Jupiter, FL - In the old days, you played high school ball and you played summer ball and that was all college coaches and pro scouts had to grade you on. There were no such things as showcases and only on occasion would you be asked to do a workout.
Nowadays, showcases are aplenty and they’ve certainly streamlined both pro scouting and college recruiting. Their purpose is to put a number of top prospects in one place at one time and to run them in specific workouts and controlled games for all the teams to see.
Showcases are a good thing and if you’re lucky enough to get invited to a reputable event, it’s worth looking into if you can spare the expense.
But as big as showcases have become, they haven’t replaced actual competition, whether it be high school ball or summer ball. Showcases have allowed scouts and coaches a closer look. They’ve allowed them to identify players and determine who has “tools”, but the smart scouts and coaches don’t make their big money decisions off of a showcase.
The longer I do this, the more “showcase players” I’m able to recognize. These are players who, in short, look like world-beaters in showcases but don’t play well in real competition. They simply aren’t as good in the meaningful games as they are in a controlled setting.
They occasionally go high in the draft, but these types invariably fail to reach their teams’ expectations. Year after year, I see proof that learning how to false start on a 60 yard-dash, cheat on a pop-time, light up a radar gun for an inning, or take a good batting practice doesn’t make you a good player. It might look good on your PW profile and make you a good prospect in some eyes, but if you can’t put it to work in a competitive setting, you won’t become a top player.
Scouts have made many mistakes on showcases and even their private workouts. I’ve heard tragic stories of GM’s insisting their scouting director drafts a certain player in the 1st round just based on one workout in the stadium even if the area scout and crosschecker had that player much lower. It’s because they fall in love with the tools and have no idea whether the player can recognize a curveball, judge a fly ball in center, or show that killer instinct on the mound. You need a real game to bring that out!
What I love about tournaments such as the Prospect Wire 16U/14U West Coast Finals (beginning in Scottsdale, AZ this weekend) is that you see these players on a team in a competitive setting. You see how they hit real pitching, not a 50 year-old coach’s. You see how they compete, how they hustle, all-in-all what they can do to help a team win.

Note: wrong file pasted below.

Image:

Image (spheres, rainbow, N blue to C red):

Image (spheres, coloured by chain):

It’s generally more competitive than a typical high school game because these are only the most serious players. The ones who played high school ball just to get a varsity jacket are sitting at home.
A tournament has more urgency than a regular high school game because every team is going after the same prize and they have just a few days to get it. You can see in each individual player how committed he is to helping his team. A showcase is intended to showcase individuals, there’s no way of determining teamwork in that setting but in a tournament you can.
College coaches see this much more than pro scouts. They have to live with any player they recruit for 3-4 years and they know their wins and losses depend on their recruiting. A scout sends the player out to rookie ball for someone else to develop, he doesn’t see or necessarily care about the whole picture. He sees that the player has tools and hopes for the best that his farm system will make him into a big leaguer.
But college coaches want to see him hustle down the line and dive for ground balls from day one. He wants to see him hit to the situation and give himself up for the team when it’s needed. Again, he has to live with him for four years.
As much as I value and enjoy scouting the top showcases, I’d forewarn young players from looking at it as the end-all. Baseball is a game, not a workout. To be a good college player or a major league player, you simply have to play the game well. They want players who help them win, first and foremost. The “tools” are just a consequence of that, the means and not the ends. You play actual games in tournaments, games with consequences, and how you go about it will be noticed.
Anyone notice how often the “ringer” team fails to win the trophy at a summer tournament? At a lot of events, there’s a singular team that has much more talent than all the others yet they so often fall short of standing on the pedestal.
It’s almost always because their stars aren’t buying into the team concept. Hitters are swinging for the fences regardless of count or situation. Pitchers are trying to light up the radar gun. Nobody is playing hard for the sake of winning, only to impress scouts, and it shows in the results.
I like to see those games because it shows me which of the “talented” players are competitive and which are just out there styling. Because I know at some point, the styling goes nowhere. And if they don’t have it in them to compete and win now, they probably never will.
So work on your tools and go to showcases, but it’s most important to help your team win. That is what makes you a better player and that, in the end, is what college coaches and scouts want. They want to win and they want players who will help them win. Show that you can do that!